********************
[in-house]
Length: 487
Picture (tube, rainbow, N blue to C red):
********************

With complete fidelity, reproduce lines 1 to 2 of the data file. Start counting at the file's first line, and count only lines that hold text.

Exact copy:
[in-house]
Length: 487